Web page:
On Taxes, Marriage, and the Poor: Lessons from Luke 3:7-11

“John the Baptist Preaching” by Giovanni Battista Tiepolo. 1733. Fresco. Cappella Colleoni Gallery, Bergamo, Italy.

Verse of the day:
Luke 3:7-11:

7) “John said to the crowds that came out to be baptized by him, ‘You brood of vipers! Who warned you to flee from the wrath to come?
8) Bear fruits worthy of repentance. Do not begin to say to yourselves, “We have Abraham as our ancestor”; for I tell you, God is able from these stones to raise up children to Abraham.
9) Even now the ax is lying at the root of the trees; every tree therefore that does not bear good fruit is cut down and thrown into the fire.’
10) And the crowds asked him, ‘What then should we do?’
11) In reply he said to them, ‘Whoever has two coats must share with anyone who has none; and whoever has food must do likewise.'”

First, I find it fascinating that John chastised people who came to be baptized.

Second, I find it all the more fascinating that his advice was to give of what you have to those who had nothing.

So let’s review:

1) Don’t come to church just for religious rites.
2) Give away what you have to the poor if you want to be a true child of God.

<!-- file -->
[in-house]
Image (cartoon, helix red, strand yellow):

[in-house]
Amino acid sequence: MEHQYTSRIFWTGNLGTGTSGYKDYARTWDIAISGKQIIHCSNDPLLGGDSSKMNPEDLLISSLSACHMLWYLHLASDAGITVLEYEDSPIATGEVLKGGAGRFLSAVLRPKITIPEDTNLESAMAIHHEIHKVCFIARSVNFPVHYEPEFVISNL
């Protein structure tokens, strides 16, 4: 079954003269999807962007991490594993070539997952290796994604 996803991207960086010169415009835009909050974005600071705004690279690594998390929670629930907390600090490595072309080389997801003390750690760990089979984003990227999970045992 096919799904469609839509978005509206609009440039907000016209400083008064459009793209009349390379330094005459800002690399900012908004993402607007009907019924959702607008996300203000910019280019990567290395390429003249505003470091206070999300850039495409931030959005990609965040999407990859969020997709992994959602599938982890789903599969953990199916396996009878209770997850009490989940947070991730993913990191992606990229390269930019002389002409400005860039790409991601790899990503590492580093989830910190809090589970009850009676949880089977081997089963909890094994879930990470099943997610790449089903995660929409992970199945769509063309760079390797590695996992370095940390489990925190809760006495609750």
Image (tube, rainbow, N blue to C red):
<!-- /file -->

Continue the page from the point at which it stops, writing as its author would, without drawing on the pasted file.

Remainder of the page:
So tell me: which social, religious, or political party, group, or body best encapsulates this very fundamental, very ‘Christian’ teaching of not worrying about the details of religious rituals and rites and doctrines, and instead focuses on giving goods to and caring for the poor?

And if you’re going to argue that biblical Christian principles should not be legislated when it comes to giving your hard earned money away (i.e., taxes and welfare and health care), then why are you arguing that biblical Christian principles should be legislated on other social issues like same-sex marriage?

perhaps one contributing reason why california is broke: gambling with welfare money

Gambling with California EBT cardsthis is both typical and representative of the welfare state california has become: the la times is reporting that california ebt cards (‘electronic benefits transfer’ – the new electronic form of food stamps) allow users to withdraw cash at casino atms.

california adopted the ebt cards because they were more convenient and less stigmatizing to those on california’s public food assistance program.

less of a stigma. sure. and using the tax-payers’ good will to gamble equally elevates that stigma right back where it was.

the mere fact that gambling is legal in some places in california, where gambling is supposedly illegal, and that these gambling areas are largely tax-exempt or tax-reduced is infuriating in its own right. the fact that you can use your food stamps to withdraw cash at a casino atm is icing on our very broken cake.

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